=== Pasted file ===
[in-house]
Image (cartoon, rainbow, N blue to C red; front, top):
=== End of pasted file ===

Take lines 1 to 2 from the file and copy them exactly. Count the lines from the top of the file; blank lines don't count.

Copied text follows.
[in-house]
Image (cartoon, rainbow, N blue to C red; front, top):